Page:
Today’s road sport bikes are actually bikes with a much more cross-country nature and power than the common hypersport segment. In recent years, traditional supersport motorcycles – if you will forgive the term – share the mountain passes with crossovers, nakeds, or even roadsters; motorcycles that are as or more enjoyable on the road than racing replicas in terms of dynamic performance and with which they also share the size of the 17-inch front wheel. 

Some of them have already chosen as original equipment a sport road tire capable of improving dynamic behavior, but in general we are seeing an increase in segments where it is not unreasonable to choose a sport road tire capable of supporting the riding qualities of motorcycles born to deliver exhilarating performance.

Tires have a big influence on the performance of the bike and a simple tire change can sometimes be surprising in terms of gaining performance – but also safety, of the bike, so why deprive yourself of a tire that is adequate in terms of grip and performance?

The Power5 and Power GP are Michelin’s two proposals for those looking for maximum performance while maintaining a balance between grip, mileage and wet grip.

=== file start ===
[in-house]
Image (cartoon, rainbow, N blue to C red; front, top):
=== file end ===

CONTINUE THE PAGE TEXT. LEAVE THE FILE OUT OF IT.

The Power5 is, so to speak, Michelin’s most road-oriented sport tire, intended for owners of sport bikes – but, as we have seen, also for those who have a dynamic and powerful crossover or hypernaked bike – and its use is 100% on the road, a context where immediate safety and the feeling of contact are extremely important. The aim is to ensure excellent mileage, grip in all conditions – especially in the wet – as well as adequate traction when exiting curves, without forgetting the ability to support very different frames, in terms of masses and dynamic characteristics, when braking, where grip control at the front is fundamental.

Moving up a notch towards the ultra-sporty destination of Michelin tires (at the top of which is the unapproved Power Slick2), we find the Power GP. Here, the ideal range of use is extended to a few track days or driving courses, where the Power GP feels at ease and is able to complete a track day or a course with satisfaction.

Here, too, 2CT bi-compound technology is used at the front and 2CT+ at the rear, in this case with compounds with a dedicated silica/carbon balance to give the maximum both on the road and between rides. In view of its sportier vocation, the solid to tread ratio drops to 6.5% to leave more rubber on the sidewalls – now true “slick” areas – and increase grip at maximum lean angles, and the velvet effect design on the sidewalls provided by Premium Touch Technology is also present.